Whether self-driving cars, innovative heating systems, or coffee machines controlled via the app – the Internet of Things has many faces. But what exactly is this Internet of Things, and what is it supposed to be able to do? We give a definition and examples.
Simply put, the Internet of Things (IoT) describes the networking of everyday objects, machines, and goods with each other. They communicate with each other and act together via the Internet. The user controls them in this way. In general, it is about the comprehensive networking of everything with everything.
Model Entertainment Electronics
This development began a few years ago in the field of consumer electronics. In many households, devices such as televisions, PCs, and smartphones are connected via the home network. Films stored on the computer can already be streamed to the TV set via WLAN and watched there without any problems. Smartphones, tablets, and PCs play a central role in this world, as they are the classic devices we navigate the Internet and use to communicate with one another there.
Networking Reaches Everyday Life
In the meantime, networking is no longer only relevant in consumer electronics. It is increasingly spreading to other areas of daily life. It doesn’t matter whether it’s washing machines, microwaves, or garden lighting – almost everything can theoretically be remotely controlled via an app. Even entire heating systems can be regulated in this way.
For manufacturers, the Internet of Things is no longer just about excellent gimmicks but about tangible added value such as substantial savings of time, money, and energy – i.e., things that can be sold to customers on a large scale. Washing machine manufacturers offer devices that can be switched on when you are out and about using an app. For example, users could ensure that their clothes are washed in time for the end of the day.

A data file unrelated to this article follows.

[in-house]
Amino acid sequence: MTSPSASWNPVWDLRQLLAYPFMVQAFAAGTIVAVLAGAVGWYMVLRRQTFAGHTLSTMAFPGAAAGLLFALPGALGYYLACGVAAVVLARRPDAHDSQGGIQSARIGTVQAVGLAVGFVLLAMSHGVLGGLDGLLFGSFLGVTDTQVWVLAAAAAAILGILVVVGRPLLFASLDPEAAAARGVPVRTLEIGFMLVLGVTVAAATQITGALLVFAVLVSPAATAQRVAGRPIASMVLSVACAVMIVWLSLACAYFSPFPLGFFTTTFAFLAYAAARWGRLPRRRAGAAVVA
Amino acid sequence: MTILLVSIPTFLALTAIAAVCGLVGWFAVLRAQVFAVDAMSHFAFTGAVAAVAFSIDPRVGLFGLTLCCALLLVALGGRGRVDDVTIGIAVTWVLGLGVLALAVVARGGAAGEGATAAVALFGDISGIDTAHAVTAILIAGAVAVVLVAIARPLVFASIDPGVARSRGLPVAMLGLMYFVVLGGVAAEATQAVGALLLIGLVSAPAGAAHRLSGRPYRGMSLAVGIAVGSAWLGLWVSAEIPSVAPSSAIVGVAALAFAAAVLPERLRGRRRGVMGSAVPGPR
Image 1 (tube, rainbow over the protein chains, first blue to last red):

The coffee machine can be operated in the same way. While you are still in bed, you could use an app to tell it to brew your morning coffee. With the bright LED light Hue, Philips offers a networked lighting system. Individual lamps can be distributed in different household rooms and controlled remotely via an app. In this way, different rooms can be illuminated in different colors. The lighting color and intensity can be adjusted according to the occasion or time of day. Overall, many of the fields of application for the Internet of Things overlap with the Smart Home area.
The Internet of Things is practical, but it can also help save money. One example is the intelligent heating systems. Here, an intelligent thermostat uses a smartphone to determine the location of the residents and automatically lowers the temperature in the household when the last person leaves the house. On the other hand, if a resident approaches the house, the thermostat preheats the apartment. Overall, the manufacturer promises energy savings of up to 31 percent with its system.
Connected Devices And Processes
An essential aspect of the Internet of Things is the networking of different devices that at first glance have no direct relation to each other. The mutual exchange of data should enable household appliances, for example, to respond even better to the needs of their owners. This could even go so far that a washing machine automatically recognizes the clothes in the drum using microchips and then selects the appropriate washing program. The possibilities of networking seem almost unlimited.
Also Read: Security Solutions For Wearable IoT Devices